Thursday, September 05, 2013

10 things you should never say in a job interview.

Appearing for an interview? Must be confused as to what the interviewer will ask? How to form that positive first impression? For sure, you would not want to ruin your opportunity with an ill-chosen comment.

It’s better to choose your words carefully during an interview, unlike many job seekers, who do not think before they speak. Corinne Mills, managing director of Personal Career Management, says she can recall many instances of interviewees saying the inappropriate things. “I remember when one man was asked why he wanted the job, he replied, ‘Because my mum thought it was a good idea’,” she says.

She also tells what some other job seekers said when asked why they wanted the job “because it will pay the rent while I look for a job I really want to do”, and a common response to a question about what candidates like to do in their spare time is “go to the pub”.

Here, TimesJobs bring you 10 things you should never say to your interviewer. Else, there are chances you lose out on your dream job:

1. Never come late for the interview and cover up by saying “Sorry I’m late”. To be on time is the thumb rule. Your interviewer will perceive you as a latecomer and would certainly not want you to arrive for work 20 minutes late every morning.

2. Never ask about the company’s annual leave and sickness policy during the interview. This will show that even before you have been hired, you are planning your leaves. This will make you look insincere.

3. Never take personal calls during the interview. This is to ensure that the interviewer doesn’t get the idea that you are unable to prioritize things.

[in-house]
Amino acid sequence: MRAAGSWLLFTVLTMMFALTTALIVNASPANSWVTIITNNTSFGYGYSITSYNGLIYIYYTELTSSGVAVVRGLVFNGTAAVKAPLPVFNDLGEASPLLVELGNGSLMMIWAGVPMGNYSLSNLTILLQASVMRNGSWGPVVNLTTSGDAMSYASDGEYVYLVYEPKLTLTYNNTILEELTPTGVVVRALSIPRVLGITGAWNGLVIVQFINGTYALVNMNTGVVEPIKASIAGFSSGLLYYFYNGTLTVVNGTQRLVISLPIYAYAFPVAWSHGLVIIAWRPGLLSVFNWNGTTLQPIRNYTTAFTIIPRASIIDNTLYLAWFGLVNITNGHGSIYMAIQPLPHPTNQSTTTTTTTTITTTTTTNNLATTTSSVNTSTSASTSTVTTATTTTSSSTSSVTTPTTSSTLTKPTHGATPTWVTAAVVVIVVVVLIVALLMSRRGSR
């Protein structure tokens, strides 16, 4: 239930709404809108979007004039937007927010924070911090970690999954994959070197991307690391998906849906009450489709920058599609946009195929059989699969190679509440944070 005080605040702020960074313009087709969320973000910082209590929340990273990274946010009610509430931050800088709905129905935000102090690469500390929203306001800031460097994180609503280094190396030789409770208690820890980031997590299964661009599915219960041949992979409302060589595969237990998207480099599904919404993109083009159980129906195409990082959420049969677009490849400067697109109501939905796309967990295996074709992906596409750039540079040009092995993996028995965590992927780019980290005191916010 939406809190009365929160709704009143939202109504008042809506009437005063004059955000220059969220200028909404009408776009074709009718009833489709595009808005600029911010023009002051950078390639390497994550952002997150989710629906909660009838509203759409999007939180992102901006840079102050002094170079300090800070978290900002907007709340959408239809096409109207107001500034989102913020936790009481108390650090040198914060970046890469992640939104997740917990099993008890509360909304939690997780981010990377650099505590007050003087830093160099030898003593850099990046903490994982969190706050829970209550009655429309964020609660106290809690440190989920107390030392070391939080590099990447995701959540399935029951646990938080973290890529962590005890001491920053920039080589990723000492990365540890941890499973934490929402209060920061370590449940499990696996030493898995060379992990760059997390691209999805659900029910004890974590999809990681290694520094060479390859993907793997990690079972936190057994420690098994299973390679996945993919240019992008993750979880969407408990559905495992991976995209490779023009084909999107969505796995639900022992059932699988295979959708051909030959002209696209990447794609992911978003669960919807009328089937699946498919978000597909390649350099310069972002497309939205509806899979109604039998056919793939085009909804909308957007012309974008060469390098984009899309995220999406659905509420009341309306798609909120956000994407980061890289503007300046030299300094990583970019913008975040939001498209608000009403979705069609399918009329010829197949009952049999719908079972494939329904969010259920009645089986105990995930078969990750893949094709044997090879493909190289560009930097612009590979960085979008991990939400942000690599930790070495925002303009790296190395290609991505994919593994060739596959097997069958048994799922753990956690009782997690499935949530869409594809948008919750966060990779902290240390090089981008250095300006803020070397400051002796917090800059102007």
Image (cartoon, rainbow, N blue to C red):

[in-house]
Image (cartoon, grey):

4. When asked, “Where do you see yourself in five years?” never say, “Doing your job.” Though this could possibly be a genuine answer, you should always focus on the experience you would like to have gained, or level of responsibility you would like to have in the future.

5. Never badmouth your last employer or job, no matter how worse your experience might have been. Experts say “speaking badly of a previous employer is not only unprofessional, but also reflects on your character,” Your new employer will contact your former employer for background check following an interview, so it’s never wise to burn your bridges.

6. “Oh! I did not know you manufacture gadgets; I thought you made swimming costumes”. Experts say “Failing to research your prospective employer fully is a big faux pas.” Make sure you do not turn employer off by not knowing about his company and products.

7. Never resort to profanity during interview even if the interviewer himself does that. Remain professional at all times.

8. Avoid using jargons during the interview, like “I was very good at sorting out PEBs by using ARCs.” Experts say “Don’t fall into the industry jargon of your previous employer or assume the interviewer knows anything about your experience. Instead, speak clearly about your skills and experience to avoid any confusion or misunderstanding.

9. Don’t show your reluctance to shift timings, uniform or any other such norm. Any criticism will be considered rude and will make interviewer reconsider you for the job. If it’s a rule it has to be followed by all including you.

10. When asked, “What do you expect to enjoy most about this role?” never reply with any of the following: the perks, the pay, lunchtimes, my co-workers or the holidays, experts say.

Reference: blog.timesjobs.com